Sometimes, while having pints here in Orlando with English friends, my husband will slap one of the lads on the shoulder and joke, “800 years of oppression – the next round’s yours!” We have lots of wonderful English friends, who we don’t, of course, hold personally responsible for the 800 years of oppression that the Irish suffered, but that line gets a laugh, and occasionally even, a beer.
We grew up in Cork, at a point in history when most of the indignity and oppression was over with. It was almost over because many brave souls (family members included) who came before us, stood up and spoke out, and fought hard for their rights. And their day (our day) did come. Well, mostly; we didn’t get all of Ireland back, but we got 26 counties.
We had our (partial) victory over British rule where many other, much larger, countries failed. We accomplished this because we couldn’t live under the tyranny of oppression and injustice. As Irish people, we simply refused to accept that as a condition of our lives. We Irish are fighters for justice and equality. We work to make things even, no matter where we are. When we crossed the ocean to America, we were greeted with “No Irish Need Apply” signs. Today we make up 10% of the American population.
So, Ireland, I have to ask; is it really a huge surprise that our Irish gay population are standing up and asking for equity in their lives? Is it a stretch to think that they feel they should have the same rights that the rest of their country enjoy, and are fighting for those rights? They are the subjugated now; they are the underdog when it comes to the legal recognition of their relationships. They are gay, but they are also Irish, and It would be simply un-Irish of them not to stand up and fight for equal treatment.
The Irish, having suffered subjugation first hand, are world renowned champions of the underdog. We have provided the world with peace keeping forces in the Lebanon, Bob Geldof, Bono, and even Mother Teresa (totally inspired by her time in Ireland). We are the country of Concern, Trocaire, and Mary Robinson. For a small country, we are pretty darn fabulous in our positive effect on the world. The World Giving Index (2014) ranks Ireland as number four in all the world for donating money to charitable causes. We are a generous bunch. So why is there even a thought of not voting yes in the marriage referendum in May? Can’t we be generous with our own?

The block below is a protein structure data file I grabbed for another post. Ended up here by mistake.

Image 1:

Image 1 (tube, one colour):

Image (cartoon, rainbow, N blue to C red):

Don’t tell me that gays and lesbians are different. Don’t tell me that they don’t deserve the same civil rights as the rest of us. Don’t tell me you don’t want to see marriage redefined (ahem, we’ve already redefined that rather seriously, by the way). Don’t even begin to tell me that you are planning on voting against gay marriage because God isn’t keen on the gays. In the Bible, God mentions his disapproval of shrimp far more than his disapproval of homosexuality, but should there be an Irish referendum on the sanctity of the prawn cocktail, I think we know what the outcome would be.
So what if the priests tell us gay marriage is wrong? As a country we have evolved beyond the autocracy of the church – we do have free will, after all. And even at that, this is a legal matter, not a religious one. But if you have to think religiously, I feel that God will not judge us for being loving, for being inclusive, for being accepting. Seriously, who do you think Jesus would want to be associated with – the people who shun and cast judgement on consenting, loving adults, or the people who say that everyone deserves to be treated equally? Jesus was known for being a bit of an advocate for the underdog, if I remember correctly (I’m pretty sure he was bit Irish).
And so what if we don’t like the thought of two guys or two girls having sex? You also probably don’t like the thought of the next door neighbors having sex –but that doesn’t exclude them from the right to the same civil liberties you enjoy. And please don’t confuse the issue with that of having children. Being “straight married”, being “gay married”, or being unmarried – marriage is not actually a physical condition of parenthood one way or the other.
So let’s just say that 3% of the world’s population is attracted to the same gender. Are we really happy, as a nation, to declare, by vote, that we don’t think those people should enjoy the same rights we do? How would you feel if any 3% of the Irish population was told by another authority that they were not entitled to the same rights as the other 97%? Sorry, no mass or class for you – go find a hedge, and be grateful. Sorry, not your language – ours. Does that get your back up? How about, sorry, no marriage for you – take civil partnership, and be happy with it. Is that OK? Could you be personally responsible for that?
Well, we are Irish. Rebellion is practically genetic (especially if you are from Cork). We are the country of the arts. We are the country of writers, actors, film producers, singers and rabble rousers. We are the educated. We are the creative. We are the inclusive. We have been the subjugated. We don’t stand for that anymore. We stand for equality throughout the world. We must certainly take a stand for it in our own country.
So my dear Ireland, let’s get it right the first time around here. Our gay brothers and sisters were given their 26 counties in 2010 in the form of civil partnership. We understand too well the lingering hangover that comes from being granted almost what you want – given partially what you feel is your due. In this instance, WE have the power. Let’s get this done all the way for our countrymen – let’s make sure they get their other 6. We do this by voting yes on gay marriage. Get out and mark your ballot. Equality is our thing. Now it’s our time. May 22nd – say yes.